Working on location often means bending the light in your favor. Sometimes that can be simple–soften the light with a diffuser. Other times, take it out of the game and make a portable version of open shade. That speaks to a choice–silk or solid?
The above was shot in the worst of light. High noon in the Peruvian desert called Paracas. I simply blocked it and replaced the violence of that harsh sun with a big Profoto Octa, fitted with a B-1. That solid black overhead, a temporary roof, if you will, gives you lots of control, albeit in a small area. The background area is still bathed in the hard sun, and the cliff makes a nice, edgy pattern. The beautiful Fefa completes the look.
Fefa is also a mural painter, and when we arrived at one of her creations, it was also slammed with noonday light. (The days of lounging by the pool with an exotic, umbrella festooned cocktail, waiting for the arrival of “golden hour” are over, if they in fact ever existed. Budgets and time demands being what they are, you just work, no matter the condition of the light.)
In this case, a silk went up. Hard, unworkable light became directional and lovely. All it needed was a small pop through an umbrella to open the eyes a bit. The silk leaves you with a quantity of light to deal with, as opposed to the solid, which gives you much more control.
Big silks are tough, right? Unwieldy sails that you have to sandbag the hell out of, lest you all of sudden stage your own personal version of America’s Cup. But they are effective. I often will use them, even if the light is hazy, with broken clouds. Such was the case below, and it produced a lovely, beautifully rich, fashion-y light. Almost all natural light, with just a bit of flash assist. There’s a fun video about our Peruvian fashion adventure right here.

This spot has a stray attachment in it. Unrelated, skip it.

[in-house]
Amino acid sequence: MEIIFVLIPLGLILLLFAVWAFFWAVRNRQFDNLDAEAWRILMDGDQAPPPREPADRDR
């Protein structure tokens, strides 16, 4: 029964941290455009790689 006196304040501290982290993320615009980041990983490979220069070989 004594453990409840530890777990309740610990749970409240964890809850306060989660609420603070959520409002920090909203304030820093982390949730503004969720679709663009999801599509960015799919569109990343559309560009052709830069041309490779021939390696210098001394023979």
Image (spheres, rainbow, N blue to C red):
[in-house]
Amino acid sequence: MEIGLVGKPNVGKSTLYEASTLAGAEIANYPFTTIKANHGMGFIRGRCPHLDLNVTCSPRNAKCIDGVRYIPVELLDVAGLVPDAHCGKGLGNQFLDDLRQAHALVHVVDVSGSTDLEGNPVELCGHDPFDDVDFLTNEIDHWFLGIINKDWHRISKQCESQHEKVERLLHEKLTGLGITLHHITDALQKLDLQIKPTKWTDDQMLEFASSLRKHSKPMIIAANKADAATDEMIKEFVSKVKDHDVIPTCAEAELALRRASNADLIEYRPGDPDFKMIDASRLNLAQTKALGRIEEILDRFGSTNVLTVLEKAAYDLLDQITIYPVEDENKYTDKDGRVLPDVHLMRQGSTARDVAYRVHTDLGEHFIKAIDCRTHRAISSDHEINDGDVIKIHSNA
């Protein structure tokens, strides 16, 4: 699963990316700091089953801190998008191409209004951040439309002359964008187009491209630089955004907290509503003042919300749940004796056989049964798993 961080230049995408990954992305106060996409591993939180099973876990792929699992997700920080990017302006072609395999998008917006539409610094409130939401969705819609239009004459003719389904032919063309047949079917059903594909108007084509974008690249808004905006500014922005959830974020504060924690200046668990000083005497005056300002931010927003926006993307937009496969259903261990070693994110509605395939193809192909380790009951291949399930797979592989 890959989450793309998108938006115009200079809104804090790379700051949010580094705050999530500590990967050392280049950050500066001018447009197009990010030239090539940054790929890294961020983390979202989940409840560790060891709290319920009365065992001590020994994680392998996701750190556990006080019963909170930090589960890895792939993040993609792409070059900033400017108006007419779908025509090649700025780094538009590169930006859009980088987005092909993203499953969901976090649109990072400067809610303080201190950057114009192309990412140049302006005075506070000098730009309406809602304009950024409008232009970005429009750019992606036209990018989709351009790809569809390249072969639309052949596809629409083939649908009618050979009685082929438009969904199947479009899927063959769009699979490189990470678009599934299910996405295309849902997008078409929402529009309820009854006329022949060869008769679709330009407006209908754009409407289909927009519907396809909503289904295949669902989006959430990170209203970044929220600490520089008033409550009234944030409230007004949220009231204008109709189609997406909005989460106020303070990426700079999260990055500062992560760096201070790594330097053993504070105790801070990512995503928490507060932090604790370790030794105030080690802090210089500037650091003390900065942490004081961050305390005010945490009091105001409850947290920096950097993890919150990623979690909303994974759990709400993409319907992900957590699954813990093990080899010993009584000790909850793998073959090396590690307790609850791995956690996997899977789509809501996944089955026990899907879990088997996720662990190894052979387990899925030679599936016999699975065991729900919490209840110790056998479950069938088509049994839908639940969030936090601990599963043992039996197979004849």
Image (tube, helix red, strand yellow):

Below is the production snap, showing the light pattern.
Camera and lens sees the subject, just under the lower rail of the silk, which is maneuvered to be as close to Francesca as possible. Again as always, that age old adage of light–bigger and closer–are in play here.
Was fun to see results of our Peru adventures up on the wall of the Nikon CES booth this past week in Vegas! The digital tech we have now is amazing, as the prints that are the bookends of the wall display are about 8’x12′. All of the Peru fashion was shot on the highly rezzed D810. Yikes….
” you just work, no matter the condition of the light ” …I’m pretty sure that’s the definition of a professional photographer !!!
Luis Paez says
Beautiful as always!!!!
Oh boy, awesome, awesome. This beautiful soft light and rich colors. Is this a SB-5000 going down on the foam for fill?
Joe McNally says
Yep, on occasion we do use a little flick of light off the floor for fill!
Wow, that is gorgeous work!
Newborn Photography says
Great, these are so stunning photos.
Joe’s a great photographer, no doubt. And I love his techniques and generous way of explaining how he shoots. However, most of us don’t have the luxury of photographing stunning models. Imagine what these pictures would look like if the models were just average looking? The lighting would be perfect, of course. But, I think we are all falling into the trap of judging a photograph by giving so much weight to the beauty of the models. I’d like to see everyone’s comments if the models were 10-20 kilos heavier with average looks — and without perfect makeup. That’s the real world.
Mark Holloway says
I’d like to comment about the stunning model thing. The gorgeous models are pretty easy to light up and shoot I presume. But I’ve used lighting techniques I learned from Joe to photograph my 84 year old mom sitting on her riding lawn mower in her back yard, mid day summer sun. It’s one of my families most cherished portraits. And pretty nicely lit. If it hadn’t been for Joe McNally I never would have shot it. I’ve photographed old men on tractors, business men with chicken necks, pot bellies, sweaty brides in Texas summer, and crusty old tired and retired cops using the knowledge gained here. I just take the information and apply it to my work the best I can. I’d love to be photographing beautiful women all the time, but the real kick for me is finding the beauty in every person that gets in front of my camera and hopefully realizing it for themselves.
Joe McNally says
Amen Mark…it’s our job as photographers to find the beauty in all our subjects, and use the tools we have to illuminate it.
London Family Photographer says
It would be great to see the result of that last shot with the huge overhead diffuser. Was it a bright day?
Wow, great work!